The Enduring Lies About The Iraq War

I began systematically to investigate the answers to those and other related questions, enlisting the help of a team of reporters, researchers and other contributors that ultimately included 25 people. Nearly three years later, the Center for Public Integrity published Iraq: The War Card, a 380,000-word report with an online searchable database. [4] It was released on the eve of the five-year anniversary of the invasion of Iraq and was covered extensively by the national and international news media.

Our report found that in the two years after the terrorist attacks of September 11, 2001, President George W. Bush and seven of his administration’s top officials made at least 935 false statements about the national security threat posed by Iraq. The carefully orchestrated campaign of untruths about Iraq’s alleged threat to US national security from its WMDs or links to al Qaeda (also specious) galvanized public opinion and led the nation to war under decidedly false pretenses. Perhaps most revealing: the number of false statements made by top Bush administration officials dramatically increased from August 2002 to the time of the critical October 2002 congressional approval of the war resolution and spiked even higher between January and March 2003, between Secretary of State Colin Powell’s address before the United Nations General Assembly and the fateful March 19, 2003, invasion.

– Charles Lewis, in an excerpt of 935 Lies available at BillMoyers.com

The World’s Most Livable Cities

Which cities are the best places to live? The Economist Intelligence Unit (EIU) has set out to answer this question with its livability survey, which asses 140 cities based on such factors as overall stability (25% of total score), health care (20%), education (10%), infrastructure (20%) and culture and environment (25%) — the sorts of things most people agree are fundamental to individual and collective quality of life.

Here are the results for 2014, courtesy of Mic.com:

For the fourth year in a row, Melbourne took the top spot with a total score of 97.5 out of 100. The impressive score can be partially attributed to their perfect scores in the health care, infrastructure and education classifications. Several of Melbourne’s fellow Australian cities filled out much of the top 10, along with a handful from the Great White North. Combined, Australia and Canada scored big, claiming 7 out of the top 10 cities.

The remaining three cities were Vienna, Austria (2nd place), Helsinki, Finland (8th), and Auckland, New Zealand (10th).

As the article notes, while these top ten performed well in all the indicators measured, health care had a particularly strong impact:

A common factor of these livable cities was a high score in the health care category. The top nine spots all garnered scores of 100 in that category. To determine health care, the EIU looked at the availability and quality of private health care, availability and quality of public health care, availability of over-the-counter drugs, and general health care indicators.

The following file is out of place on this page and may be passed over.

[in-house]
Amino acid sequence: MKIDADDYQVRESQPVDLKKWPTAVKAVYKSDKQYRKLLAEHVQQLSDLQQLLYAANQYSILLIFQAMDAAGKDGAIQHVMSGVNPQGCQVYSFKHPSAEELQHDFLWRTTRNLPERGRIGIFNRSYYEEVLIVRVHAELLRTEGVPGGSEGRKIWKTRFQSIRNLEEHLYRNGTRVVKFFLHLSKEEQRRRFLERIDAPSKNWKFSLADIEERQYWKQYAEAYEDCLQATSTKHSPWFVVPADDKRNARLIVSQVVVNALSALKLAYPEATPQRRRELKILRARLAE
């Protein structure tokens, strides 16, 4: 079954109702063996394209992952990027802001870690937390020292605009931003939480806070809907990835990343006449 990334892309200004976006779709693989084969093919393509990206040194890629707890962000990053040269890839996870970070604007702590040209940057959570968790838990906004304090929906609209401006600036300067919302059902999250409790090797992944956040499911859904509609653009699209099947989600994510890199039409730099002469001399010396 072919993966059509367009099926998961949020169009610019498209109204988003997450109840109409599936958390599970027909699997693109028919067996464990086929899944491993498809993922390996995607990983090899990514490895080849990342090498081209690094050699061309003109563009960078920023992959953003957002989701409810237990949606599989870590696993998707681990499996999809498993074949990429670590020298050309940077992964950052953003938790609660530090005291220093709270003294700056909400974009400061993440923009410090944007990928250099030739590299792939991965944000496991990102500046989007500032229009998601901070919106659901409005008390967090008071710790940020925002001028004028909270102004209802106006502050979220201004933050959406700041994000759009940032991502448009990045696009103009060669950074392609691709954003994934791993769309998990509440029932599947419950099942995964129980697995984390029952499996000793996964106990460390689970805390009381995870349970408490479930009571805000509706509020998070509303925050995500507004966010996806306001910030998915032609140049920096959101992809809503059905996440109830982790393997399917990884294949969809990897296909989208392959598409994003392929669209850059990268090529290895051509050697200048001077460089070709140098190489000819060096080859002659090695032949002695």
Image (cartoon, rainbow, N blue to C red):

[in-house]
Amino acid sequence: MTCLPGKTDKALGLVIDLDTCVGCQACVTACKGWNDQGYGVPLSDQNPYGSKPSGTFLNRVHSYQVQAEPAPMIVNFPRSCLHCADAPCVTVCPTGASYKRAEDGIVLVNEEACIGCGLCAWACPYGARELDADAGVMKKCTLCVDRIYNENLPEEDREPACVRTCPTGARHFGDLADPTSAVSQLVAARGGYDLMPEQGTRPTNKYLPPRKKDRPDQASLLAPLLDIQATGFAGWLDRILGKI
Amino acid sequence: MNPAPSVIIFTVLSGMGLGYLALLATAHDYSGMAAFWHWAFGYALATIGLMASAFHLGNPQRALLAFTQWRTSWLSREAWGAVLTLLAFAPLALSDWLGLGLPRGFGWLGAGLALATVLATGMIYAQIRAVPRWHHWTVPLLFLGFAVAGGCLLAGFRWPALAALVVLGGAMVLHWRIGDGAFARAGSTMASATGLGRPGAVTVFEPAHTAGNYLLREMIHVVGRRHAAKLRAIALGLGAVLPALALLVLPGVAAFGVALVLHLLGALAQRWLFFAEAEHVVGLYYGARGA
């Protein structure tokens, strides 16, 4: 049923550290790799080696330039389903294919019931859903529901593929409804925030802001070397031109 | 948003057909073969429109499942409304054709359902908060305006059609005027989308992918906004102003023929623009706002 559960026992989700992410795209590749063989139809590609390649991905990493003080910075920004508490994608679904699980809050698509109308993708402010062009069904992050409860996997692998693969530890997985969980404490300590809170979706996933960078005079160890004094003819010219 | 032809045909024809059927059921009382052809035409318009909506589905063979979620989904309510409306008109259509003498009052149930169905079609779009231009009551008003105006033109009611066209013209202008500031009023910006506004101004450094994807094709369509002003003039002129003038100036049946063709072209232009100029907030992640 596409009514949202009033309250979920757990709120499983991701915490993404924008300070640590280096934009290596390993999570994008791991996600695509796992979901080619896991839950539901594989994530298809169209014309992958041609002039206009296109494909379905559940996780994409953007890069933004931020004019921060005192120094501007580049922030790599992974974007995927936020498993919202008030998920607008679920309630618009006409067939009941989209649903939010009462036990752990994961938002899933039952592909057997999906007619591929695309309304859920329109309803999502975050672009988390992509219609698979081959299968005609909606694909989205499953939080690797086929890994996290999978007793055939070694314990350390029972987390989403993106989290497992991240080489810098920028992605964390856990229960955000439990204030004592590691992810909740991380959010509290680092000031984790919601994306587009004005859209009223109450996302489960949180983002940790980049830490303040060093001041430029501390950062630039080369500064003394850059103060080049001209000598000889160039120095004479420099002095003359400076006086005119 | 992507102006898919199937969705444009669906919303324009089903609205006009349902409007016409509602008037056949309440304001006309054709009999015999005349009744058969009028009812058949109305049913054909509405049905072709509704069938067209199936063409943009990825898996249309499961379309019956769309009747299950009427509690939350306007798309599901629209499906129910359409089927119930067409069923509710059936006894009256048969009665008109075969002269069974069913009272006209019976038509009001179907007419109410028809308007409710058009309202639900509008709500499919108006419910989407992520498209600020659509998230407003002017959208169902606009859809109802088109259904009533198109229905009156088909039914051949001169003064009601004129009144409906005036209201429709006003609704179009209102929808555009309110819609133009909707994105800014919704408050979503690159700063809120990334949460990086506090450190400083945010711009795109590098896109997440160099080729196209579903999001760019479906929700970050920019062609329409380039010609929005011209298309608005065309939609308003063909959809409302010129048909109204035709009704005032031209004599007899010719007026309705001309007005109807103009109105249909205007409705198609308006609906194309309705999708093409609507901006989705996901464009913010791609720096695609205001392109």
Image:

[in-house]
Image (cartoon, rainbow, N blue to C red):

Canada, Australia and New Zealand offer a variety of very livable cities, thanks in large part to their great health care, education, culture and environment, affording the countries general stability. Plus, as all English-speaking countries, they’re especially attractive destinations for any Americans considering a move.

Not only does being healthy have the obvious benefit of improving an individual’s mood, comfort, and longevity — all vital to life satisfaction — but in the aggregate, it improves entire communities. Healthy individuals are likelier to be more economically and socially productive, helping businesses and societies at large. They will be less burdensome to more expensive emergency services, and will have more disposable income on hand, since pooling the costs of health care through socialized insurance is less costly then spending a lot per person on expensive treatments.

But this study also highlight that there is more to quality of life than the bare necessities. Each of these cities offer an abundance of recreational and leisure options — well-kept green spaces, cultural centers, community events and facilities — that enliven individual lives and cultivate a sense of shared community. Good infrastructure provides access to these areas and events while helping to create more cohesion and interaction between various neighborhoods and enclaves. It is also telling that all the top cities are medium-sized, which suggests that being too big could present challenges to accommodating residents optimally.

All of this should be pretty obvious. But unfortunately, not enough municipal governments in the world, including in the U.S., have the vision and/or finances to make it happen, and too many city residents are apathetic, disenfranchised, or lack the community spirit to come together. Sub-national and national governments could be doing more to help local communities as well, especially as most countries, and the world at large, are either highly urbanized or becoming rapidly so. As cities begin to house more of the world’s population, and become the main drivers of economic, social, and cultural life, we need to work on making them as ideal for the human condition as possible. We have much to learn from the like of Melbourne, Vancouver, and other successful polities.

Melbourne, Australia — by some accounts, the best city in the world to live. Source: Getty Images / Mic.com

Restless Americans

To add insult to the injury of a stagnating economy, a report by economists Dan Hamermesh and Elena Stancanelli found that Americans are not only working longer than before (partly because they are making less per hour), but are increasingly more likely to toil outside of work hours, particularly at night and on weekends. As The Atlantic reported:

They found that on a typical weeknight, a quarter of American workers did some kind of work between 10 p.m. and 6 a.m. That’s a lot, compared with about seven percent in France and the Netherlands. The U.K. is closest to the U.S. on this measure, where 19 percent work during night hours. On the weekends, one in three workers in the U.S. were on the job, compared to one in five in France, Germany, and the Netherlands.